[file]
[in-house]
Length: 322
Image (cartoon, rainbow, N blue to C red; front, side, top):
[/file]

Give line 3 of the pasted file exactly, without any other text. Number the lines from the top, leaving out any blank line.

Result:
Image (cartoon, rainbow, N blue to C red; front, side, top):